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Isaacson, John – Do-It-Yourself Screenprinting


Do-It-Yourself Screenprinting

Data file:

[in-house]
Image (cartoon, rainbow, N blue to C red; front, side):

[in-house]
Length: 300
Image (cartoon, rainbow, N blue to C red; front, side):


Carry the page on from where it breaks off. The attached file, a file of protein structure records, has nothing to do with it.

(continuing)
Ever wanted to make your own t-shirts?  Ever thought that it would be way too complicated and/or expensive to even try, so you gave up right away?  This book will prove you wrong.  It’s a step by step instruction guide for how to make your own shirts whether you have access to state-of-the-art materials or not, or even (potentially) if you don’t even have electricity.  All of that is well and good, you may be saying, but what about the comic itself?  Is it a good read even if you have no interest in making your own shirts?  Well, sort of.  There is a LOT of technical jargon in here (it’s basically an instructional manual, after all), but John and the people around him always seem like real folks, and he does an excellent job of never talking down to the reader while still not taking for granted that you know everything every step of the way.  There’s a section in the middle of this book where he details a day spent being a street vendor trying to sell his shirts (I used probably the only pratfall from the whole book for the sample instead of one of the many pages with useful information on them) that is a great introduction to that sort of thing.  How DO people convince strangers to stop and check out their stuff?  Or prevent themselves from being robbed?  As for the technical information, I honestly believe that I could at least fake my way through making a shirt after reading this, and I have NO aptitude for this sort of thing.  I’m probably overstating and would most likely maim myself if I ever did try to make a shirt, but I could at least answer a few questions about the process and there’s no way that would have happened before.  At any point in this manual where John thinks he might not be explaining something thoroughly enough (or when he thinks that somebody else might have better information than he does) he liberally sprinkles websites around and other sources of information so you can check it out for yourself.  As just a comic this would be a bit dry if you had no interest in the source material, but his teaching of the material is so engaging that you might well end up having an interest by the time you’re done reading it.  That seems like a pretty good recommendation to me.  And it’s only a measly $9 for this hefty thing!